Spotlight on Geopolitics

Egypt’s “democratic” (sic !) coup d’etat is reminiscent of similar political events from pre-2002 Turkey. We can all recall the repeated interventions and coups d’etat perpetrated by the Turkish generals against democratically-elected politicians who happened to displease them, together with the killings, the tortures, arbitrary arrests and prison terms. The same scenario is now playing all over again in Egypt : incredibly, soldiers of the national army have taken sides in a political dispute and have killed more than 50 of their co-nationals. Overnight, they have become just bunch of assassins in military uniforms.

Granted, Morsi and his Muslim Brotherhood did not know a great deal about governing Egypt.(Morsi, after all, studied and worked in the USA). However, the events leading to their demise will unfortunately be judged worse than anyone cares to realize right now. This is simply no way to deal with a democratically-elected leader or political force, even if it might appear to be the right thing to do at the time. The tacit support of the US for the army coup can only add insult to injury.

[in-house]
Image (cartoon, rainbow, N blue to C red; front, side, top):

In truth, what Egypt’s opposition succeeded in doing is to lend its support to a middle class that became affluent during Mubarak’s years in power . The latter – corrupt and dependent on government contracts or largesse for its livelihood – is a far cry from the dynamic economic force that middle classes represent in the West or in today’s Turkey. The state it tends to support is itself totally dependent on IMF loans or gifts from richer Arab states. In a nutshell, this is the sort of state/middle class which Morsi’s opposition has inadvertently favoured by demonstrating in Tahrir Square, and on whose behalf the Egyptian army has killed a few days ago.

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